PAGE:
EDITORIAL : Clear leader: Sadowski

Recently, The Miami Hurricane conducted interviews with all three candidates for SG president. The candidates were asked to provide substantial personal background information, including any leadership positions they have held and any applicable experience they have had in SG. Each also gave a detailed explanation of his platform, complete with his desired long-term vision for UM and a response to recent issues that have affected the UM community, such as the recent tuition increase.
The first candidate interviewed, Andy Cohn, has the potential to be a quality leader. Although his involvement with SG has been minimal, Cohn’s intentions are solely focused on the student body and his optimism should be commended. He admits that he is not familiar with the exact process by which to get things done but says he can learn those things quickly. However, he is honest and doesn’t pretend to be anything he isn’t. Therefore, he is just what he says he is: one of us. Cohn will be a strong competitor for president next year if he increases his involvement in SG, learns the ropes of the legislative process at UM, and maintains his positive attitude.
On the other hand, Robert Castro, one of the biggest contenders for president, fell short of his potential. Castro’s close relationship with the administration and knowledge of the departments within campus will help in facilitating the SG process; these qualities make him a strong opposition to the other candidates. Some of the creative changes he has proposed, such as providing commuter students with mentors in order to facilitate the transition to college life, show that he is open to student needs. However, much of his platform is focused on improving cohesion within SG: a problem he did not attempt to resolve during the three years he was involved in SG. He also never pushed for his commuter mentor idea or the Chartwell’s extended hours initiative.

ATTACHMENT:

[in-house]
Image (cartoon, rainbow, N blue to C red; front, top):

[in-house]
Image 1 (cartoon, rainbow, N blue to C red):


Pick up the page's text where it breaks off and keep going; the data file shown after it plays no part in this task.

Castro seems to lack an organized outline, a direct plan of action, and a desire to stimulate major changes within UM. The strongest parts of his platform are minor changes he could have easily tackled in SG before. In short, Castro, with his numerous leadership roles, seems to exhibit traits associated with resume-builders who lack the character that defines a successful leader. Where are his priorities? Castro doesn’t emanate leadership; he emanates excessive involvement, but lacks initiative.
The last of the candidates, Scott Sadowski, the current executive chief of staff for SG, is by far the most qualified for the position of SG president, not only in terms of his experience, but also in terms of the initiative and planning he has put into his platform and into his campaign. He is running with Chris Clark, who has served as both freshman and sophomore senator and has accomplished most of the things that he has set out to do in those positions. The two have worked effectively in the past.
Further, key amongst Sadowski’s philosophy are student wellness, safety, and convenience. Many of his ideas are feasible, affordable, and needed. He has researched many of his ideas by investigating how other universities have conducted similar initiatives and programs throughout Florida, such as his idea to incorporate Cane Express into nearby businesses and restaurants. Sadowski also believes that UM should use the resources we currently have without having to raise tuition. However, perhaps the most impressive of all of Sadowski’s ideas is his three-step process plan that will inevitably increase the level of education and raise the caliber of the student experience for all incoming freshmen and current students.
In sum, Sadowski represents effective leadership strategies, potential, and meaningful involvement that stems from a genuine passion to generate positive changes. He picks up where the other candidates lack and excels in terms of his leadership capabilities. It is therefore, the opinion of the editorial staff of The Miami Hurricane, that Scott Sadowski will be the most influential of all the candidates for the advancement of the student body and the betterment of the entire UM community.